Brain implant relieves woman’s treatment-resistant depression

"Within a few weeks, the suicidal thoughts just disappeared."

A woman with severe treatment-resistant depression has found relief, thanks to a matchbook-sized “pacemaker” implanted in her brain by UC San Francisco researchers.

“Within a few weeks, the suicidal thoughts just disappeared,” the woman, who asked to be identified only by her first name, Sarah, told the New York Times. “Then it was just a gradual process where it was like my lens on the world changed.”

Why it matters: Everyone feels sad or despondent sometimes, but the estimated 280 million people worldwide with depression experience those feelings for days, weeks, or even months at a time — in some cases, they rarely feel anything else.

There’s no cure for depression, but some people find relief through medication and therapy. About 30% of patients have treatment-resistant depression, though, meaning they’ve tried multiple meds without relief.

Brain power: Deep brain stimulation (DBS) is emerging as a promising therapy for treatment-resistant depression. 

In most cases, it uses implanted electrodes to deliver pulses of electricity to specific areas of the brain. These pulses are designed to correct abnormal electrical activity in the brain, similar to how a pacemaker corrects an abnormal heart rhythm. 

“[This] is a whole new way of addressing the most difficult-to-treat cases of depression.”

Katherine Scangos

The FDA approved DBS to treat Parkinson’s in the 1990s, and since then, it’s been used to treat epilepsy, chronic pain, and other conditions, but the results of studies of DBS in people with treatment-resistant depression have been mixed.

The UCSF team suspected that the problem is that DBS devices typically stimulate just one part of a patient’s brain. Depression, however, is complicated. It can involve many parts of the brain, and those parts can vary from patient to patient — so they developed a personalized approach to DBS.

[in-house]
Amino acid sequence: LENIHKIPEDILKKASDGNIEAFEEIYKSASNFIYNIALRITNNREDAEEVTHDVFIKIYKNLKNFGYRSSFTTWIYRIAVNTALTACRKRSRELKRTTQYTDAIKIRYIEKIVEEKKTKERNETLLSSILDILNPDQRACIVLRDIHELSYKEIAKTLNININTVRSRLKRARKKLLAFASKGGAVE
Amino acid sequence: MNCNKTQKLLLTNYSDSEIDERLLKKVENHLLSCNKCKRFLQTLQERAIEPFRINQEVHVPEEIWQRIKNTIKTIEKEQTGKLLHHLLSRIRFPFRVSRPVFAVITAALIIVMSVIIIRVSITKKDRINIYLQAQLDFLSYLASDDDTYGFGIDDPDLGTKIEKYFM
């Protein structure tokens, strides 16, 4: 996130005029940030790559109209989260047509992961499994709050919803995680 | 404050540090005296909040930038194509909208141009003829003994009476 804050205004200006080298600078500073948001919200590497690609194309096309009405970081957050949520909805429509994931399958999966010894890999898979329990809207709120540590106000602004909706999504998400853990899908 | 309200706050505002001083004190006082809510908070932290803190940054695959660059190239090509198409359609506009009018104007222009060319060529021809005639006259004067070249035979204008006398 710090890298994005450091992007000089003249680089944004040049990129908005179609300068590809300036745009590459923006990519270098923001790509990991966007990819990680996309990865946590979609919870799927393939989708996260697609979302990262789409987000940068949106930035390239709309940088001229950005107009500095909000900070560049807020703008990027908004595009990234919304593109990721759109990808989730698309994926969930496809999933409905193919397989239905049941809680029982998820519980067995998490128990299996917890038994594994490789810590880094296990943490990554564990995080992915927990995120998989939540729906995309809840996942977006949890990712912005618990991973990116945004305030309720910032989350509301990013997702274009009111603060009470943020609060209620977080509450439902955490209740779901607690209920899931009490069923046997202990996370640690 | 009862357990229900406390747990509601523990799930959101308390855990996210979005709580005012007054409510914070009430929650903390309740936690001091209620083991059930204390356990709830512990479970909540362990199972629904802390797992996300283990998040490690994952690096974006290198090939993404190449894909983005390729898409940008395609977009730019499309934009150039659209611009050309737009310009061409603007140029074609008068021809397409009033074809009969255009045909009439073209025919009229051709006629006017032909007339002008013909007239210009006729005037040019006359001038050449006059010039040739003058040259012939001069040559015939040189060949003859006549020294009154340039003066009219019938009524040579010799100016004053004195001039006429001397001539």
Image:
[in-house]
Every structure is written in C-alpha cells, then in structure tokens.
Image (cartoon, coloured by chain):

How it works: They started by analyzing Sarah’s brain for 10 days, seeing what parts were most active when she experienced severe feelings of depression and what parts could, when stimulated, help relieve those feelings.

They then implanted a DBS device just under her skull, but instead of the typical one electrical lead, this device had two. 

One of these leads runs to the part of Sarah’s brain that is most active during depression flare-ups. It constantly monitors the area for a pattern of electrical activity that indicates she is about to experience depression symptoms.

If it detects that pattern, it triggers the other lead — which runs to the part of the brain that provides relief when stimulated — to deliver a small, painless jolt of electricity for about six seconds.

“The idea that we can treat symptoms in the moment, as they arise, is a whole new way of addressing the most difficult-to-treat cases of depression,” first author Katherine Scangos said.

Looking ahead: The device caused Sarah to experience almost immediate relief from her depression symptoms, and the treatment is still working 15 months later.

“The device has kept my depression at bay, allowing me to … rebuild a life worth living.”

Sarah

A positive result in one patient isn’t enough to consider a therapy a success, but the UCSF researchers have already enrolled two more people with treatment-resistant depression in their trial, and they hope to add another nine.

“There’s still a lot of work to do,” Scangos said. “We need to look at how these circuits vary across patients and repeat this work multiple times. And we need to see whether an individual’s biomarker or brain circuit changes over time as the treatment continues.”

A life worth living: Even if the therapy proves effective in others, getting it from medical journals to patients will be a challenge. It’s far more expensive and risky to perform brain surgery on someone than to prescribe them a medication, after all.

As co-senior author Edward Chang told the NYT, the team’s research could lead to non-invasive treatments that help more people in the future — but even if it doesn’t, many people with severe treatment-resistant depression might see the therapy as worth the risk and cost.

“The device has kept my depression at bay,” Sarah said, “allowing me to return to my best self and rebuild a life worth living.”

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